James Duckett

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For the major general, see James W. Duckett.
James Duckett
Martyr
Born unknown, Gilfortrigs, Westmorland, England
Died 1601, London, England
Venerated in Roman Catholic Church
Beatified 15 December 1929
Canonized
Major shrine
Feast 19 April
Attributes
Patronage Booksellers, Publishers

James Duckett was an English Catholic layman and martyr (died 1601).

Life[edit]

Born at Gilfortrigs in the parish of Skelsmergh in Westmorland at an unknown date, Duckett became a bookseller and publisher in London. Brought up a Protestant, he was converted by a book: a friend of his, Peter Mauson lent him The Foundation of the Catholic Religion while Duckett was serving his apprenticeship in London, and he decided to become a Catholic.[1] Earlier he had twice been imprisoned in Bridewell for not attending the Protestant services.[2] Both times his employer interceded and got him freed. But then the employer asked James to find a job elsewhere.[3]

He was received into the Catholic Church by an old priest named Weekes who was imprisoned in the Gatehouse at Westminster. Two or three years later, about 1590, he married a Catholic widow, but out of his twelve years of married life, nine were spent in prison for his new faith.[2] Their son later became a Carthusian monk and recorded much of what we know about his father.[3]

He was active in propagating Catholic literature. He was finally betrayed by Peter Bullock, a bookbinder, who acted in order to obtain his own release from prison. Duckett's house was searched on 4 March 1601 and he was arrested on a charge of having 25 copies of Fr. Southwell's books on his premises.[1] Catholic books found. For this he was at once thrown into Newgate.[2]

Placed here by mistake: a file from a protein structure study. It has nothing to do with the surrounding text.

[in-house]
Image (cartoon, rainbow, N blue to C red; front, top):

At the trial, Bullock testified that he had bound various Catholic books for Duckett, who admitted this but denied other false accusations in a self-possessed manner. The jury found him not guilty; but the judge, Sir John Popham, the Lord Chief Justice, browbeat the jury, which reversed its verdict and Duckett was found guilty of felony. Despite the betrayal of Duckett, Bullock was taken to his death at Tyburn in the same cart as Duckett on 19 April 1601.[4]

James Duckett's son was the John Duckett who later became Prior of the English Carthusians at Nieuwpoort in Flanders. He related that on the way to Tyburn his father was handed a cup of wine, which he drank, and told his wife to drink to Peter Bullock and to forgive him. When she declined, he chided her gently until she did. On arrival at Tyburn Tree James kissed and embraced Bullock, beseeching him to die in the Catholic faith, without success.

At the same trial three priests, Thomas Tichborne, Robert Watkinson, and Francis Page, were condemned to death. For some reason their execution was remanded to the following day.

James Duckett was beatified by Pope Pius XI on 15 December 1929.

References[edit]

Sources[edit]

  • See also Godfrey Anstruther, Seminary Priests, Mayhew-McCrimmond, Great Wakering, vol. 2, 1975, pp. 89–90.
  • James Duckett, M.M. Merrick, (Douglas Organ, London 1947)